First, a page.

X Games Live: BSI Is in the Air at L.A. Live
Four venues holding dozens of simultaneous events in the middle of one of the largest downtown metropolises in the world can make for a crowded RF landscape, but Broadcast Sports Inc. (BSI) has been up to the challenge thus far at X Games 17 this week in Los Angeles.
“This is the first time they’ve consolidated all the events into a single location,” says BSI technology development manager Clay Underwood. “So it becomes pretty complex to service all those different venues from one truck in one central location. When there were two venues, we didn’t have one truck trying to deal with everything. Our responsibilities were separated and our facilities were separated.”
BSI All Over X Games
BSI is providing a variety of elements to ESPN for X Games this year, including FR hookups for two wireless handheld cameras, a wireless SteadiCam, a wireless 3D handheld camera, a 2D and a 3D FlyCam system, and 10 in-car/on-board Rally Car cameras. Also on BSI’s X Games plate are 27 wireless microphones and 24 PL intercoms, and 10 IFBs for ESPN talent.
BSI has set up eight receive sites throughout LA Live: two inside the Staples Center, one inside the Nokia Theater, one on the Park & Street Event Deck, one on its trailer, one in the Nokia Plaza, and two in Lot 7 for the Big Air and Rally Car competitions. These receive sites take in the RF signal and send it back to BSI’s truck over fiber.
“We basically turn RF into light and we send it down a fiber-optic cable, then bring it into our truck and turn it back into RF,” says Underwood. “In the truck we can centrally select which of those receive sites we want the RF to run through. We designed a system that does all that automatically, so it’s hands off. We bring back all that RF and plug it into a receive card that we designed, which makes a decision 10,000 times per second about which bit of data is valid.”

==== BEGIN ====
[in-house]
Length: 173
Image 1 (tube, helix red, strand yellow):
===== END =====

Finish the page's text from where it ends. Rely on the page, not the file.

BSI Goes Inside the Car
BSI is also handling RF duties for eight of the 16 cars in the Rally Car Racing competitions with in-car/on-board cameras. A total of 10 systems will be deployed with the two frontrunners getting both an in-car and on-board camera.
“We are able to remotely switch up to four cameras at once,” says Underwood. “It’s under ESPN’s directorial control but we’re actually doing the physical pushing of the button that switches between the cameras.”
While 10 systems on eight cars is a massive undertaking, it is actually a step back from previous years, when ESPN utilized in-car reporters during the competitions. BSI was tasked with simultaneously providing comms and wireless mics for the two reporters, who would sit inside the car’s navigator seat.
Talking Through Walls
X Games’ unique inside-outside setup at LA Live creates some unique challenges for BSI operations.
“One of the big challenges here at Summer X is being inside buildings as well as outside because radio transmissions obviously don’t travel through the walls of the buildings,” says Underwood. “So for every person that needs to talk on a PL, we have to have a PL inside of the building as well as outside. Then we have to mix them all together so that the truck views is as a single PL.”
“Normally when you do an event like golf, it’s just a big outdoor event where we can put up our big 60-foot mast and send out the transmission and everyone gets it,” he continues. “But here, its much more complicated.”
RF, 3D Finally Learn to Get Along
BSI is also providing two HDSDI links for ESPN’s 3D FlyCam inside the Staples Center for the Moto X events. One of the initial vendors brought on by ESPN in the early days of its 3D network, BSI has made tremendous progress in the field of wireless 3D transmission over the past 18 months.
“We’ve spent a lot of time building our own miniature transmitters and making sure that the video coming out of them is absolutely synched together,” says Underwood. “There can’t be a bit of latency. Everything has to be decoded at exactly the same time.”
Check out more of SVG’s comprehensive live X Games 17 coverage from Los Angeles by CLICKING HERE.